Joseph Coyne, sometimes billed as Joe Coyne, was an American-born singer and actor, known for his appearances in leading roles in Edwardian musical comedy in London. Coyne was born in New York and made his stage début there at Niblo's Garden when he was 16. He appeared for some years in Vaudeville, as part of a double-act, and moved to the legitimate theatre, joining the Rose Lyall Dramatic Company.
In 1901, Coyne made his first appearance on the London stage, playing opposite Edna May in THE GIRL FROM UP THERE. After that engagement, he returned to the U.S. until 1906, when he made his second West End appearance. In 1907, he made a great success as Danilo in the original London production of THE MERRY WIDOW, which he followed with a succession of romantic leading roles including Conder in THE DOLLAR PRINCESS (1909), Tony in THE QUAKER GIRL (1910), Teddy in THE DANCING MISTRESS (1912) and Sandy in THE GIRL FROM UTAH (1913).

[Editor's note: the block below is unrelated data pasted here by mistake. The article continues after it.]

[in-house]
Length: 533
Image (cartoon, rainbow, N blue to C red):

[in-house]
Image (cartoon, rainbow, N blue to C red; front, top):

After the First World War, Coyne played Robert Street in GOING UP (1918), Jimmy Smith in NO NO NANETTE (1925) and T. Boggs John in QUEEN HIGH (1926). Among his leading ladies, The Times listed Edna May, Gertie Millar, Lily Elsie, Constance Collier, Gertrude Lawrence and Binnie Hale.
Coyne's last appearance was in APRON STRINGS at the Vaudeville Theatre in 1931, in the role of Ezra Hunniwell. He settled in Virginia Water, near Windsor, where he died of pneumonia, aged 73.
Marjorie Gordon’s professional stage career began in 1915 on tour in the chorus of the D'Oyly Carte Opera Company. The next season, she was given the roles of the Plaintiff in TRIAL BY JURY and Lady Psyche in PRINCESS IDA. She also understudied and occasionally played the title role in PATIENCE and Yum-Yum in THE MIKADO. She left D'Oyly Carte in June 1916 to understudy the role of Sylvia Dale at the Adelphi Theatre in London in the Rudolf Friml musical HIGH JINKS, sometimes appearing in the role until July 1917 and touring in the role later that year.